However, the criteria established by G 2/98 do not seem to provide consistent guidance for priority assessment for generic "OR" claims, and the case law has been developed divergently in interpretation and application of the criteria. Some Boards took a "strict" or "literal" approach, which could lead to denying partial priority, given that the generic term encompasses a practically unlimited number of alternatives that are not expressly spelled out. On the other hand, some Boards took a "generous" or "conceptual" interpretation, which does not require the "clearly defined alternatives" to be spelled out in the claim. Rather, it suffices to be able to conceptually identify a limited number of such alternatives by comparing the generic "OR" claim with the priority document. In this way, partial priority may be acknowledged.

The "strict" approach to partial priority has been used by some opponents to raise so-called "toxic divisional" attacks to invalidate a priority claim, whereby an opponent argues that a family member (a parent or a divisional of the patent at stake) is novelty destroying under Article 54(3) EPC. The attack relies on family members with a more specific disclosure according to the priority document (thus with a valid priority), as compared to a family member with a generic claim, which is not entitled to priority. The latter family member loses priority because of the broader claim, but the more specific disclosure in the former family member retains priority and so it is, in principle, citable as prior art under Article 54(3) EPC against the latter family member. This "toxic divisional" attack has raised much controversy in recent years.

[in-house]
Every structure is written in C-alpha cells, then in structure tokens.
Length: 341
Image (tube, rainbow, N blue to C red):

Not limited to the parent-divisional relationship, similar objections could also arise where the "colliding" application is the priority application itself, if the priority application is a European application that matures to publication, known as the "toxic priority."

The Referral

In decision T 557/13, published on August 12, 2015, the Technical Board of Appeal referred five questions to the Enlarged Board of Appeal, in order to settle the diverging case law on partial priority assessment. The questions as published are:

  1. Where a claim of a European patent application or patent encompasses alternative subject-matters by virtue of one or more generic expressions or otherwise (generic "OR"-claim), may entitlement to partial priority be refused under the EPC for that claim in respect of alternative subject-matter disclosed (in an enabling manner) for the first time, directly, or at least implicitly, and unambiguously, in the priority document?
  2. If the answer is yes, subject to certain conditions, is the proviso "provided that it gives rise to the claiming of a limited number of clearly defined alternative subject-matters" in point 6.7 of G 2/98 to be taken as the legal test for assessing entitlement to partial priority for a generic "OR"- claim?